“Achieving Exascale is imperative not only to better the scientific community, but also to better the lives of everyday Americans,” said U.S. Secretary of Energy Rick Perry. “Aurora and the next-generation of Exascale supercomputers will apply HPC and AI technologies to areas such as cancer research, climate modeling, and veterans’ health treatments. The innovative advancements that will be made with Exascale will have an incredibly significant impact on our society.”

Argonne's Aurora supercomputer will launch in 2021.
Aurora is expected to be completed by 2021. | Photo: Argonne National Laboratory

“Today is an important day not only for the team of technologists and scientists who have come together to build our first exascale computer – but also for all of us who are committed to American innovation and manufacturing,” said Bob Swan, Intel CEO.  “The convergence of AI and high-performance computing is an enormous opportunity to address some of the world’s biggest challenges and an important catalyst for economic opportunity.”

“There is tremendous scientific benefit to our nation that comes from collaborations like this one with the Department of Energy, Argonne National Laboratory, and industry partners Intel and Cray,” said Argonne National Laboratory Director, Paul Kearns.  “Argonne’s Aurora system is built for next-generation Artificial Intelligence and will accelerate scientific discovery by combining high-performance computing and artificial intelligence to address real world problems, such as improving extreme weather forecasting, accelerating medical treatments, mapping the human brain, developing new materials, and further understanding the universe – and that is just the beginning.”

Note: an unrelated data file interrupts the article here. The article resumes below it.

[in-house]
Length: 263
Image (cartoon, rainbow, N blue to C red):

The foundation of the Aurora supercomputer will be new Intel technologies designed specifically for the convergence of artificial intelligence and high performance computing at extreme computing scale. These include a future generation of Intel® Xeon® Scalable processor, a future generation of Intel® Optane™ DC Persistent Memory, Intel’s Xcompute architecture and Intel’s One API software.   Aurora will use Cray’s next-generation Shasta family which includes Cray’s high performance, scalable switch fabric codenamed “Slingshot”.

“Intel and Cray have a longstanding, successful partnership in building advanced supercomputers, and we are excited to partner with Intel to reach exascale with the Aurora system,” said Pete Ungaro, president and CEO, Cray. “Cray brings industry leading expertise in scalable designs with the new Shasta system and Slingshot interconnect. Combined with Intel’s technology innovations across compute, memory and storage, we are able to deliver to Argonne an unprecedented system for simulation, analytics, and AI.”

For more information about the work being done at DOE’s Argonne National Laboratory visit their website HERE.

So many issues lie ahead for litigation involving AI. With that in mind, here’s the abstract from a new paper by the indefatigible Dan Schwarcz and Anya Prince. This is the link to the paper at SSRN.